The last group of administrators consisted of Executive Vice President for Finance and Administration Stewart Uretsky, Chief Financial Officer Samuel Solomon, Vice President of Student Affairs Raymond Lu-Ming Ou, Vice President for Campus Operations Lois Stanley, Assistant Vice President of Student Engagement and Campus Life Shelby Harris, Director of Community Service Lucas Malo, Assistant Dean of Students Steph Grimes, Assistant Dean for Student Affairs Tim Touchette, Director of Student Activities Dennis Hicks and University President Ron Liebowitz.
In response to a question regarding how tuition money is used by the school, Solomon explained that tuition only makes up about 50% of Brandeis’ revenue each year. He said that the rest comes from donations, auxiliary enterprises and a variety of other sources. About two thirds of the total money is spent on salary and benefits for faculty and staff, and about 20 million dollars each year goes to paying off debt and the bond principles on campus buildings.
Sourirajan asked when Sodexo’s extended contract will expire, to which Stanley answered that this will happen in June 2022. The catering company has been undergoing “much closer oversight” this year as part of the contract extension. She also said that based on the results of the fall survey of students’ opinions on the dining halls, “customer service was good, but food quality was low.”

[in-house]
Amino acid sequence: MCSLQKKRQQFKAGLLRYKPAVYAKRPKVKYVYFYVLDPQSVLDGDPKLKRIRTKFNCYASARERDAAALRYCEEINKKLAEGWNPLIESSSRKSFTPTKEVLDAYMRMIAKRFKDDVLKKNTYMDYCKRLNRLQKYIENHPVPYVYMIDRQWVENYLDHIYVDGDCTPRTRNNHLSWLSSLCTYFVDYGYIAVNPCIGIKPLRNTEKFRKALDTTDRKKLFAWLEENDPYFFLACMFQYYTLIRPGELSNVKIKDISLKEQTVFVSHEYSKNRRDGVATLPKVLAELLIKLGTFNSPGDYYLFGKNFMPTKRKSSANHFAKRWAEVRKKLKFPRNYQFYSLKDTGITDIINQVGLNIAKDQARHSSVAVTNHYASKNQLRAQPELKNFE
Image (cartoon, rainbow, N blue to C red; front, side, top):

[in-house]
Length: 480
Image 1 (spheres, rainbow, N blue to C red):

Harris said that the University is planning activities for rising sophomores and juniors for next year to make up for the lack of many traditional events this year due to COVID-19.
Sourirajan asked the administrators why Presence was chosen as a platform for club financial activities considering the problems clubs have had with it. Grimes answered that the University had been transitioning from Sums to Slate as the platform for clubs to request allocations, but decided to use Presence. “It’s not the best product right now, but we are trying to work with it,” Grimes said.
Ou went further, commenting “I want to apologize for the implementation of Presence. We should have done more testing.” He continued, saying, “Even though everyone involved had good intentions, it has not gone well for two years." Grimes said that recently, the makers of Presence have said that testing is going well on their end. Grimes, Hicks and Information Technology Services are working hard to improve the platform.
Towards the end of the meeting, Touchette clarified that despite the requirement that students move out within 24 hours of their last final, the University is flexible and willing to work with students. “We always accommodate our students,” Touchette said, “Whatever you need, you just need to tell us why you need it, and we’ll make it happen.”